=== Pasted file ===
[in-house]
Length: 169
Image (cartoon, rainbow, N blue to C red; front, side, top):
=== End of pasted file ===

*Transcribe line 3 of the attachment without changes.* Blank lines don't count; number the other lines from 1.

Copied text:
Image (cartoon, rainbow, N blue to C red; front, side, top):